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J Agric Food Chem. 2001 Jan;49(1):522-6.

Impact of competitive fungi on Trichothecene production by Fusarium graminearum.

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  • 1HortResearch and AgResearch, Ruakura Research Centre, Private Bag 3123, Hamilton, New Zealand.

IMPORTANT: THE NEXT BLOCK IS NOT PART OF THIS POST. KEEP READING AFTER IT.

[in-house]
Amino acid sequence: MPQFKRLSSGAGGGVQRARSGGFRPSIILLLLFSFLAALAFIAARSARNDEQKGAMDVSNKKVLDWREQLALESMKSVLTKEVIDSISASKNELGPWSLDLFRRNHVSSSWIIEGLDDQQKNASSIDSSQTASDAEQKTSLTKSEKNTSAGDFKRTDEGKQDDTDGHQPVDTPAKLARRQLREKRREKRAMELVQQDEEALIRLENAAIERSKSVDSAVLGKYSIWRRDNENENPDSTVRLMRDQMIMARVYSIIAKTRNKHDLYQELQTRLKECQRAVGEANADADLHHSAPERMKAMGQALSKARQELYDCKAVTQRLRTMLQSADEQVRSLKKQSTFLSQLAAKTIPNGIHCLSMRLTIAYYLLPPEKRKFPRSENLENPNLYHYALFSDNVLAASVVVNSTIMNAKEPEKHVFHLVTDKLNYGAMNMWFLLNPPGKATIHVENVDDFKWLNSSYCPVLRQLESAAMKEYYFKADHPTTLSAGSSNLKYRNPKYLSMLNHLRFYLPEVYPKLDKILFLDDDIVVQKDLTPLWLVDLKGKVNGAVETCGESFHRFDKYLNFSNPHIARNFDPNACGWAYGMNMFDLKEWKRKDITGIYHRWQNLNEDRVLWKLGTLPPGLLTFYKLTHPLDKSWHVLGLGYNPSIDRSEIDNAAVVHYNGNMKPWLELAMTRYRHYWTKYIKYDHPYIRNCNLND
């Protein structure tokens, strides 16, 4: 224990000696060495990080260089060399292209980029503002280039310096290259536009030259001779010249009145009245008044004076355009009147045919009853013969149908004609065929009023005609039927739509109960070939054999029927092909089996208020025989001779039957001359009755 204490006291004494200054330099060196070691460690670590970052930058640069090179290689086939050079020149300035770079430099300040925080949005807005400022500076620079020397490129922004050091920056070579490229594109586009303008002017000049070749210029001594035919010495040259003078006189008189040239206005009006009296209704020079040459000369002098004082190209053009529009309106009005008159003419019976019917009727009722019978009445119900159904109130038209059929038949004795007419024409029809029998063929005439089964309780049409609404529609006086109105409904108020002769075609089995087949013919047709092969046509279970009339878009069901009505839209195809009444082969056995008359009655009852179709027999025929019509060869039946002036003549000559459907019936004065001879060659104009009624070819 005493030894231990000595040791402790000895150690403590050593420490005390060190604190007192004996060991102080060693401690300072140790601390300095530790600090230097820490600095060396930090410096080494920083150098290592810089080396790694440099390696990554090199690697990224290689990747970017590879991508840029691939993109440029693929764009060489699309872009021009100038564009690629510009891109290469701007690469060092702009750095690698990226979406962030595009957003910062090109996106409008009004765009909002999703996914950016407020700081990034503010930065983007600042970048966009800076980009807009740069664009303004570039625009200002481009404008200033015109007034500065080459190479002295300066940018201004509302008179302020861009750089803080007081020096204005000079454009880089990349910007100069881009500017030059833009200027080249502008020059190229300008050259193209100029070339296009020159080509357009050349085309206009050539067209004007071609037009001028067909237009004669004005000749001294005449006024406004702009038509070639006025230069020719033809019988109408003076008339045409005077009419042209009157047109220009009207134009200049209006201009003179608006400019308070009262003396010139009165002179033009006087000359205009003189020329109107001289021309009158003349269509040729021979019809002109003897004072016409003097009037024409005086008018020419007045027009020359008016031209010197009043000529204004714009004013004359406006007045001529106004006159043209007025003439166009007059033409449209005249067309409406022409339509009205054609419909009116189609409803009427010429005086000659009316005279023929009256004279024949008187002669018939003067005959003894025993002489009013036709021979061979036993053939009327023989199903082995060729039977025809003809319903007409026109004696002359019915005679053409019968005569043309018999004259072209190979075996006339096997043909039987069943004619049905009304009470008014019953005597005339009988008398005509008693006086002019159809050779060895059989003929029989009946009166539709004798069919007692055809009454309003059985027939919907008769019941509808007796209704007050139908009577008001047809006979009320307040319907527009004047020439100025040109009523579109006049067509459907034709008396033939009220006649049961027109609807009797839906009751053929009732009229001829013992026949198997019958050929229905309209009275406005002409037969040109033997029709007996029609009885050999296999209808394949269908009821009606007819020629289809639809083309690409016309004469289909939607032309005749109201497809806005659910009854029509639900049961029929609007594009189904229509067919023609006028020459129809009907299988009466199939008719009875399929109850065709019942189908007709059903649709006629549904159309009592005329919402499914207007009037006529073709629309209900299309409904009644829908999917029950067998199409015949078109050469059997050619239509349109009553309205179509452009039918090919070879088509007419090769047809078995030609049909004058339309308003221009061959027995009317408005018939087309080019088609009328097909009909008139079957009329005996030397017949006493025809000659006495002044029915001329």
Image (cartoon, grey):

Bioassays were used to determine the production of the trichothecene mycotoxin, deoxynivalenol (DON), by two isolates of Fusarium graminearum when grown in association with potentially competitive fungi and an antifungal chemical, 6-pentyl-alpha-pyrone (6PAP). The presence of 6PAP in the culture medium reduced DON production by as much as 80%, but this effect was reduced for the F. graminearum isolate that most efficiently metabolized the added 6PAP. A 6PAP-producing Trichoderma isolate grown in a competition assay system with the F. graminearum isolates was also able to substantially reduce DON production. When Fusarium isolates (F. crookwellense, F. culmorum, F. subglutinans, F. poae, F. equiseti, F. avenaceum, and F. sambucinum), which co-occur with F. graminearum in New Zealand maize plants (Zea mays), were grown in competition assays, the effect on DON production was variable. However, all isolates of F. subglutinans tested were shown to cause reductions in DON production (by 13-76%, mean = 62%). F. subglutinans frequently co-occurs with F. graminearum, but its presence can vary with location and time of the season. When the competitive fungus tested was also a trichothecene producer (e.g., of nivalenol), both toxins were produced in the assay medium. The results indicate that mycotoxin production by F. graminearum can be affected by the presence of particular competitive fungi. These results have implications for an ecological understanding of pathogenicity and of mycotoxin accumulation in plants. Early establishment of F. subglutinans, for example, may act as a biological control mechanism providing a temporary protection against invasion by more commonly toxigenic fusaria such as F. graminearum.

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